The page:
We are going to use Seed to automate our serverless deployments and manage our environments.
Start by signing up for a free account here.
Let’s Add your first app.
Now to add your project, select GitHub as your git provider. You’ll be asked to give Seed permission to your GitHub account.
Select the repo we’ve been using so far.
Next, Seed will automatically detect the
sst.config.ts file in your repo. Click Add Service.
Seed uses an IAM role to deploy to your AWS account on your behalf. It’s more secure than the IAM user we created previously in this guide. An IAM role gives Seed temporary IAM credentials to deploy your app. These credentials expire after a short period of time.
You should create this IAM role with the exact permissions that your project needs. You can read more about this here. But for now we’ll simply use the default one.
Click the Create an IAM Role using CloudFormation button. This will send you to the AWS Console and ask you to create a CloudFormation stack.
Scroll down, confirm the checkbox at the bottom and click Create stack.
It will take a couple of minutes to create the stack. Once complete, click the Outputs tab.
Copy the RoleArn value. Ours looks something like this.
Now back in Seed, you can paste the credentials.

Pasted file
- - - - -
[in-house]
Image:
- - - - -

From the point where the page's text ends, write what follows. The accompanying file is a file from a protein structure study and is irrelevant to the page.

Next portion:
Seed will also create a couple of stages (or environments) for you. By default, it’ll create a dev and a prod stage using the same AWS credentials. You can customize these but we’ll use the defaults.
Finally click Add a New App.
Your new app is created. You’ll notice a few things here. First, we have a service called notes. It’s picking up the name from our
sst.config.ts file. You can choose to change this by clicking on the service and editing its name. You’ll also notice the two stages that have been created.
Our app can have multiple services within it. A service (roughly speaking) is a reference to a
serverless.yml file (for Serverless Framework). In our case we just have the one service.
Now before we proceed to deploying our app, we need to enable running unit tests as a part of our build process. You’ll recall that we had added a couple of tests back in the unit tests chapter. And we want to run those before we deploy our app.
To do this, hit the Settings link and click Enable Unit Tests.
Back in our pipeline, you’ll notice that our dev stage is hooked up to
main. This means that any commits to
main will trigger a build in dev. To keep things simple, we’ll want to deploy to prod when we push to
Let’s do that next.